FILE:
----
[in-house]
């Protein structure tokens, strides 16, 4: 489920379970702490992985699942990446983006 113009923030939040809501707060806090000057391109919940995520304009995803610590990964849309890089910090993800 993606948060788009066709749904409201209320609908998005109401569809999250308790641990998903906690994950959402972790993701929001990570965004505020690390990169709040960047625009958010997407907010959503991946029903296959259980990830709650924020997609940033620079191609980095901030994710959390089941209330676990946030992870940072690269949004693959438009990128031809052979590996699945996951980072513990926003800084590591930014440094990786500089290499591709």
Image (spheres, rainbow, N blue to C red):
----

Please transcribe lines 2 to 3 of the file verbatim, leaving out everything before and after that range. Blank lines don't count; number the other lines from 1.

């Protein structure tokens, strides 16, 4: 489920379970702490992985699942990446983006 113009923030939040809501707060806090000057391109919940995520304009995803610590990964849309890089910090993800 993606948060788009066709749904409201209320609908998005109401569809999250308790641990998903906690994950959402972790993701929001990570965004505020690390990169709040960047625009958010997407907010959503991946029903296959259980990830709650924020997609940033620079191609980095901030994710959390089941209330676990946030992870940072690269949004693959438009990128031809052979590996699945996951980072513990926003800084590591930014440094990786500089290499591709």
Image (spheres, rainbow, N blue to C red):